The trip from the airport to Sekampung Udik is a bit like a sample of Lampung’s history. The airport itself has newly been named in honour of the national hero from Kuripan, Raden Intan II. The road north crosses the Sekampung River, which starts flowing in the mountainous region in Lampung’s west. Turning right, the road to Metro passes alongside a Dutch-designed canal built by Javanese transmigrants in the 1930s that redirects the river’s flow. After Metro, it continues through swathes of farmland and the capital of East Lampung, Sukadana (since 1999, when an older, larger East Lampung was split into three).
Sometime after going through Sukadana, Palmer and I turned off this road onto a smaller road leading to Gunung Raya and Peniangan. We stopped several times on this road, which connects Lampungese, Balinese, and Javanese-majority villages. First, at a small home warung for coffee, which the shopkeeper gave us for free, refusing payment. She told us that the last foreigners to come through had been missionaries in the 1980s. A couple of times I had to stop to text Bang Yogha, who was waiting for us in Gunung Raya, for directions. We also stopped at a few villages to let the rain, which seemed to be travelling south with us, to pass again. The rear suspension on my scooter was totally shot, and, on the broken sections of roads in East Lampung, bottomed out at every small bump.
Eventually we arrived in the late afternoon, only to find that owing to a miscommunication somewhere along the line, the musicians in both villages had been prepared to play since that morning, not receiving the message that we would arrive in the afternoon. We were told that the Seandanan Group had fifteen members, but some had already gone home, and the musicians in Peniangan said they had been waiting from 7 in the morning. I am very grateful, therefore, that musicians in both villages still played through the entire repertoire for us—even, in Peniangan, to the point of dancing.
Terima kasih sebesar-besarnya kepada seluruh anggota grup talo balak Seandanan di Gunung Raya dan grup talo balak serta ibu-ibu yang menari di Peniangan. Semoga rekaman dan catatan ini memuaskan di hati bapak-ibu semua. Lamen wat cawo sai salah, ikam kilui maap.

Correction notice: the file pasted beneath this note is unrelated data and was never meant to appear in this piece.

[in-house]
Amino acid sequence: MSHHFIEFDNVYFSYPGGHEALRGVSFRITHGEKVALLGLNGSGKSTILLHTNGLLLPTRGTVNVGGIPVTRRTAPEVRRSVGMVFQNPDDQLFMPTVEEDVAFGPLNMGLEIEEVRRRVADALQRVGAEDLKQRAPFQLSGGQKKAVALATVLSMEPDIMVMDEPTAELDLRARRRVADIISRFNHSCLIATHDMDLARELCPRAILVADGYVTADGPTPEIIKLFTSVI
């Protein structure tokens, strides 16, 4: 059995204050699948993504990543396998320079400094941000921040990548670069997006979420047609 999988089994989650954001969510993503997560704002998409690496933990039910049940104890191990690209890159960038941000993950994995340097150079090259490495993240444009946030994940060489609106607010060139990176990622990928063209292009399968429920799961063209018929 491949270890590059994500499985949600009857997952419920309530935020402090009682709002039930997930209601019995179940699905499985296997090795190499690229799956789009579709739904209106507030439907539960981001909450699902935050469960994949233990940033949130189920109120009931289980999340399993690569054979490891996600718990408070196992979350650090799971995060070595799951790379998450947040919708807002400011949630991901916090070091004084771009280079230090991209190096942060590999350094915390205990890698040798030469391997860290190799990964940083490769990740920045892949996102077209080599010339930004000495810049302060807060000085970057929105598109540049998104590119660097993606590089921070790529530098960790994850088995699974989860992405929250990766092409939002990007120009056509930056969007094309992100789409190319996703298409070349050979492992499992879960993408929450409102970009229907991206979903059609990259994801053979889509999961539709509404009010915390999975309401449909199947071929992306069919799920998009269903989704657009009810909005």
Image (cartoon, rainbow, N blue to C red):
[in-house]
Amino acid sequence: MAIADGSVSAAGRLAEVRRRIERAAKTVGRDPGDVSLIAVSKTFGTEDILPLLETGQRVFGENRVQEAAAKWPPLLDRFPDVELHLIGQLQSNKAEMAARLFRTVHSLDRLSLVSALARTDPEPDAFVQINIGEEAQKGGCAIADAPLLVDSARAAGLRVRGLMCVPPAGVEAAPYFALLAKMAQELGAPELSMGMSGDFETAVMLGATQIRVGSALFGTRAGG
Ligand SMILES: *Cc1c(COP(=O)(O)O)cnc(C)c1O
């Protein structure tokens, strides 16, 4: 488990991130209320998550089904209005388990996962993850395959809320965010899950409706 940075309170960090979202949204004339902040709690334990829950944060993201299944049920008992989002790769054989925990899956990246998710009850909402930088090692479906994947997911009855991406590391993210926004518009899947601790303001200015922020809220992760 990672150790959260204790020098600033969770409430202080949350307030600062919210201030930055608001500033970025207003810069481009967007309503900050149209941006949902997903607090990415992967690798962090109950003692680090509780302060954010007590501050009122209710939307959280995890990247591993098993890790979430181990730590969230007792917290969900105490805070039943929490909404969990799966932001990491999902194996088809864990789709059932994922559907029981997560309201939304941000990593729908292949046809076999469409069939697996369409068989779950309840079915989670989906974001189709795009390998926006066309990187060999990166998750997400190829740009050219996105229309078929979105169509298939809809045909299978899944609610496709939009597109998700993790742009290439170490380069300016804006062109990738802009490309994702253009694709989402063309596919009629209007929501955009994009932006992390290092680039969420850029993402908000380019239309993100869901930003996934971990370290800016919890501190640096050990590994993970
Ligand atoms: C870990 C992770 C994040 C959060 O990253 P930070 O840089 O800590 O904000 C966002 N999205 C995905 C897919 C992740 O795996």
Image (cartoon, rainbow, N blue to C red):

Terima kasih banyak kepada Pak Budiman Yakub, Pak Tulin, dan Bang Yogha, yang sangat membantu dalam mempersiapkan acara perekaman ini. Thanks to Bang Yogha, Pak Tulin, and Bang Rayhan Sudrajat for helping with the bebandung translations.
Thanks very much to Palmer for coming to Lampung, asking me to write this post, and for making such great recordings of the music.
Gunung Raya (Grup Seandanan):
Coordinator: Pak Ismail (Minak Yudo)
MC: Pak Halidi Anwar (Pangeran Kalem Jayoteruno)
Kulintang: Pak Yurni (Dalem Kujat)
Gujih: Pak Sataria (Raden Pusako)
Canang: Pak Ali (Raden Bebas)
Talo balak: Pak Yunus (Pacek)
Piang: Pak Abdul Rasak (Alam Padang)
Petuk: Pak Ahmad (Krioting)
Redap I: Pak Ismail (Minak Yudo)
Redap II: Pak Dulkadir (Pesagei)
Coordinator/MC: Pak Hasan Basri (Pangeran Paku)
Kelittang: Pak Ismail (Permato)
Piang: Pak Ismail (Batin Sempurno)
Petuk: Pak Kasim (Batin Semurip)
Canang: Pak Abdul Rahman (Pangeran Dalem)
Gung/talo balak/pung gem: Pak Umar (Ngegugo)
Ketapak: Pak Ali (Pangeran Pemilu)
As my research was done mostly in other parts of Lampung, there are certainly many sources that could potentially deepen or change aspects of what’s written here. If anyone wishes to correct or suggest anything, please feel free to contact me.
Karena penelitian saya kebanyakan dilakukan di daerah dan marga Lampung yang lain, tentunya ada banyak sumber yang bisa mendalamkan atau mengubahkan apa yang ditulis di sini. Kalau ada yang ingin memberi saran atau koreksi, silahkan menghubungi penulis langsung.
 Our guide in this part of Lampung, Pak Tulin (Pangeran Bela Negara), told me that, of the five clans, Gunung Raya is home to buay Pesusun (buay means lineage). Peniangan, along with nearby Batu Badak, is home to buay Gajah Merem, while Pak Tulin himself is from buay Pengammah in the village of Tuba. The remaining two clans are those of buay Perileng in Bojong and buay Pelaccou in Gunung Sugih Besar.
 In the past, in some Lampung communities such as the Abung Siwo Migo (Abung Nine Clans), women played kulintang (the local name for the gong-chime ensemble) as well as men. The inside cover of a book about the Abung people, written by German anthropologist Friedrich Funke in the 1950s, features a photo of a group of women playing kulintang at a cangget (a type of ceremonial party that lasts all night). These days, with gong-chime ensembles used more exclusively for ceremonies (and not so much for entertainment), the players are almost always a group of men. At least, this has been the case everywhere I have attended Lampungese ceremonies.
 Pak Tulin told me the reason for this is that they remember the roots of the Keratuan Darah Putih in the Keratuan Pugung, which they say ruled over an area including the modern-day Sekappung Limo Migo. Meanwhile, some Melinting people in Maringgai told me that the Sekappung Limo Migo have paid tribute (upeti) to the Keratuan Darah Putih and continue to do so until this day. Pak Tulin’s son, Bang Rahman, who lives in Bandar Lampung, told me that the Sekappung Limo Migo were warriors for the Keratuan Darah Putih in the past.
 In some versions of this story, e.g. that in Maringgai of the Keratuan Melinting, it is Syarif Hidayatullah’s son, Sultan Maulana Hasanudin of Banten, who marries the two women.
 According to Pak Tulin’s version, Seh Syarif Hidayatullah married one woman from the Keratuan Pugung, and one from the Kertuan Merandung. On another note, when I asked Pak Tulin which of the five clans is the oldest, he said “suku Pugung!”. He clarified by saying that buay Perileng in Bojong has a historical tie to suku Pugung.
 Bang Yogha had uploaded some recordings of Peniangan musicians playing at an event in Kuripan, and since our recording has uploaded some videos of another group in Gunung Raya.